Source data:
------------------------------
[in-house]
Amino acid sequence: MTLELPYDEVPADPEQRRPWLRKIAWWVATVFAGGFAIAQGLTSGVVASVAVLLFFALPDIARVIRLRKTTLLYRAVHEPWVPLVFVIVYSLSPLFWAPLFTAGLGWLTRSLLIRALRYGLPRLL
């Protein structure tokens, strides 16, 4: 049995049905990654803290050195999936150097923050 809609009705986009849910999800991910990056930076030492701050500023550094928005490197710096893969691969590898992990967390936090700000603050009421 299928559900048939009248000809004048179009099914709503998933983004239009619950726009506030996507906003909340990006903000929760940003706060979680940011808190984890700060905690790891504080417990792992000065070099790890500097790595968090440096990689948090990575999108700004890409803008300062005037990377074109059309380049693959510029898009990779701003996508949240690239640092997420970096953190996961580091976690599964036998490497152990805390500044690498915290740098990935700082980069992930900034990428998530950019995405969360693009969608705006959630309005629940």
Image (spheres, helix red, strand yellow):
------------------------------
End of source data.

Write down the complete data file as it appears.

[in-house]
Amino acid sequence: MTLELPYDEVPADPEQRRPWLRKIAWWVATVFAGGFAIAQGLTSGVVASVAVLLFFALPDIARVIRLRKTTLLYRAVHEPWVPLVFVIVYSLSPLFWAPLFTAGLGWLTRSLLIRALRYGLPRLL
């Protein structure tokens, strides 16, 4: 049995049905990654803290050195999936150097923050 809609009705986009849910999800991910990056930076030492701050500023550094928005490197710096893969691969590898992990967390936090700000603050009421 299928559900048939009248000809004048179009099914709503998933983004239009619950726009506030996507906003909340990006903000929760940003706060979680940011808190984890700060905690790891504080417990792992000065070099790890500097790595968090440096990689948090990575999108700004890409803008300062005037990377074109059309380049693959510029898009990779701003996508949240690239640092997420970096953190996961580091976690599964036998490497152990805390500044690498915290740098990935700082980069992930900034990428998530950019995405969360693009969608705006959630309005629940």
Image (spheres, helix red, strand yellow):